We for the first time evaluated ISAR screening followed by standardized comprehensive geriatric assessment in a German university orthopedics and trauma surgery environment [16]. ISAR consists of 6 questions with dichotomized yes/no answers assessing functional dependence (premorbid and acute change), recent hospitalization, impaired memory and impaired vision and polymedication (≥ 6 medications) [12]. According to different validation studies, a score of 2 or higher should be regarded as abnormal and trigger further assessement of age-related risks [17]. In our cohort of 381 patients ≥ 75 years admitted to the Department of Orthopedics and Trauma Surgery of the University Hospital Essen, 327 (85.8%) ISAR screenings were abnormal, confirming a high percentage of patients at risk of adverse outcomes.

Regarding single items, premorbid functional dependence (59.8%), acute change in functional dependence (86.1%) and polymedication (45.1%) were most frequently reported, while a lower, but still highly relevant proportion had recent hospitalization (35.2%), impaired vision (28.9%) and impaired memory (32.5%). In the comprehensive geriatric assessment following abnormal ISAR screening, 85% of patients had abnormal activities in daily living, 84% mobility impairment, 72% cognitive impairment and 14% depression. These data underline the need of specialized hospital structures like consultation and liaison services or geriatric wards with multidisciplinary interacting teams including geriatricians, neurologists, psychiatrists, psychologists, physio- and ergotherapists, social workers and trained nursing staff [8].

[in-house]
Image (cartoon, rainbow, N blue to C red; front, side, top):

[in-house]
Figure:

Different studies have already shown that outcomes of older patients can be improved by comprehensive geriatric assessment and intervention. In a meta-analysis of 22 randomised controlled trials of comprehensive geriatric assessment, delivered by mobile teams or in designated wards, compared with usual care (including 10,315 participants in six countries), death or deterioration of functional ability and decline in cognitive function at 1 year follow-up was less likely in patients receiving comprehensive geriatric assessment compared with those receiving general medical care. For the outcome of living at home at follow-up, the beneficial effect of comprehensive geriatric assessment was only observed for wards, not for mobile teams. Reasons for this effect could be that working in close proximity on a ward facilitates more efficient and effective multidisciplinary working with exchange of knowledge and that mobile teams experience difficulties to put through recommendations due to lower proximity and less presence on the ward. From the economical view, often a reduction in costs by comprehensive geriatric assessment is noted, especially when nursing home costs are taken into account [18].

To conclude, the worldwide ageing of the society is challenging our health care system. Identification of elderly patients at high risk for negative outcomes and adaption of routine patient care to meet the specific needs of elderly multimorbid patients with reduced functional reserve by interdisciplinary team work is urgently needed since multiple studies already demonstrated benefits by these approaches [8,9,18,19]. The feasibility and cost-effectiveness of such approaches in different settings still has to be evaluated as well as the effect on comprehensive patient outcomes after the hospital visit such as mortality, rehospitalization, institutionalization, use of home healthcare services and quality of life including psychological and social aspects.